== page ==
The next important 1½-litre race was the Nuffield Trophy, over 150 miles of the full Donington circuit. As before, this was not strictly a 1½-litre contest pure and simple, as 750 c.c. and 1,100 c.c. cars received a start. Six E.R.A.s ran, opposed by Austin, Riley, M.G., Alta and Maserati. After 30 laps, Driscoll’s Austin led from “Bira’s” Austin and Maclure’s Riley. The Austins lost their lead to Maclure when they came in to refuel, and Driscoll’s car would not restart, so that it was ultimately retired. Maclure then lost much time changing the magneto, and “Bira” led from Charles Martin in Scribban’s E.R.A. On lap 48 the little Austin came in to the pits and Martin led, and gradually Arthur Dobson’s E.R.A. and Fairfield’s E.R.A. overhauled “Bira.” On the very last lap Fairfield retired with oil-pump malady, and Whitehead and Walker (E.R.A.) got home third, ahead of Dobbs’s Riley. Martin won in 2 hrs. 25 mins. 6 secs. at 68.5 m.p.h., 38 secs. ahead of Dobson’s E.R.A. The Albigereois G.P. came next, run as two separate races with the final placings curiously taken from the combined race times. Howe’s E.R.A. did the fastest practice lap. Lehoux and ” Bira” (E.R.A.s) had an immense duel in the first race, “Bira” finally winning at 93.43 m.p.h., some 37 secs. ahead. Fairfield’s E.R.A. was third, and Howe went out in the first lap with gearbox trouble. Six Maseratis opposed, and Bianco was fourth, ahead of Veyron’s Bugatti. Lehoux’s engine went back on him, and would not start for the second race, which Bira” won easily at 92.06 m.p.h. from Veyron and Ruesch’s Maserati. The final placings were Bira,” at 93.43 m.p.h., 43.6 secs. ahead of Veyron, Ruesch third.
In the Coppa, Ciano Race, Trossi’s Maserati won easily from Embiricos (E.R.A.). Seaman’s Delage was delayed with fuel feed trouble. The Delage returned to form for the Coppa Acerbo and, chased by Trossi and Ruesch, won at 77.1 m.p.h., by 39¼ secs. All the E.R.A.s retired, “Bira’s” car catching fire, when being restarted at the pits, on account of a cracked head.
So to Switzerland, for the Prix de Berne. This time the works Maseratis were not ready. The works Zoller E.R.A.s were handled by Howe, Mays and Fairfield, and there were several privately-owned E.R.A.s, Bianco’s Maserati, McEvoy’s i.f.s. Maserati, Ruesch’s older Maserati, an old Talbot, an M.G., Baumer’s Austin, and Seaman’s great Delage. Fairfield did the best practice lap at 92.97 m.p.h. From the commencement Seaman led from Fairfield and “Bira.” Fairfield struck trouble, and Seaman set a record on lap 3 of 91.15 m.p.h. Howe had lost time on the line, “Bira” retired with a burnt valve, and Seaman won easily at 87.88 m.p.h., 1 mm. 23.4 secs. ahead of Embiricos (E.R.A.), with Tongue (E.R.A.) third, Howe fourth, Ruesch fifth, Baumer sixth, and Plate’s Talbot seventh.
The 1936 1½-litre racing season concluded with the Modena Race, in which Maserati finished first, second, third, Trossi victorious. The 200 Mile Race at Donington, as an unlimited scratch contest, cannot be included, but it is both interesting and significant that Seaman’s Delage won at 69.28 m.p.h. from Howe’s E.R.A. and the M.G.s of Briault and Evans—the big cars nowhere. The 1½-litre score this season was :— E.R.A. four firsts, six seconds, and five thirds; Maserati four firsts, three seconds and four thirds; Delage two firsts, and Bugatti one second. E.R.A. had used the Zoller-blown cars and private E.R.A. owners the older Roots-blown jobs. Apparently the later B-type cars had larger blowers than the early examples, as “Bira’s” 1935 “Romulus” was fitted with the bigger supercharger from the engine of his 1936 “Remus” for Picardie. (“Road Racing 1936,” page 108). Incidentally, “Bira” ran the 1935 car at Monaco, I.O.M., Eifel, Picardie, Acerbo, and with the 1936 engine, at Berne, and his new car at Albi, and in the “200.”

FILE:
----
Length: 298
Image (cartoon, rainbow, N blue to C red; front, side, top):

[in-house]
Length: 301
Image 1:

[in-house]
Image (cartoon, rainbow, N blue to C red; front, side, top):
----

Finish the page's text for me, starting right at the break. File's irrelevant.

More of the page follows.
Maserati ran the new 65 x 75 mm. six-cylinder cars, later to become so well known in this country. They had Roots-blowers running at crankshaft speed, boosting at 18 lbs. per square inch, a compression-ratio of 5.5 to I, and only two main bearings. They gave 175 b.h.p. at 6,550 r.p.m. and had a track of 4 ft. 1 in., and a wheelbase of 8 ft. 2 in. Seaman’s Delage gained its remarkable victories by using a lower compression ratio than E.R.A. and Maserati, enabling it to run through 200 mile races without refuelling, allied to hydraulic brake actuation which overcame the poor anchorage which Howe suffered in 1935, much reduced weight, improved suspension, better general tuning and revised valve timing in particular, and, of course, Seaman’s perfect driving, which both humoured his car and saved time in cornering. In some respects the performances of the lone Delage indicated the comparatively small advance of 1½-litre design since 1928, and certainly Seaman’s handling and preparation of it stamped him there and then as one of our greatest drivers, quite apart from his subsequent endeavours with Mercédès-Benz. The Delage was estimated to give about 200 b.h.p., and gave a foretaste of its potency by winning two small 1½-litre races at Donington at the beginning of the season.
Apart from purely 1½-litre races, 1½-litre cars did outstandingly in some other big races. Fairfield’s E.R.A. was second in the British Empire Trophy, “Bira’s” E.R.A. won the International Trophy from Mays’s E.R.A., Tongue’s E.R.A. won at Cork, Arthur Dobson’s E.R.A. was second at Limerick to an M.G., an M.G. won at Phoenix Park, and, as already mentioned, Seaman won the “200” from Howe’s E.R.A.
[To be continued]